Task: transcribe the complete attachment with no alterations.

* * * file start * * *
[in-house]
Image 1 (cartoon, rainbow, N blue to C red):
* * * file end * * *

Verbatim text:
[in-house]
Image 1 (cartoon, rainbow, N blue to C red):